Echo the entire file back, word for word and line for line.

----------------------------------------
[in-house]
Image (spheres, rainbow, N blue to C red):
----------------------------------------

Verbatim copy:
[in-house]
Image (spheres, rainbow, N blue to C red):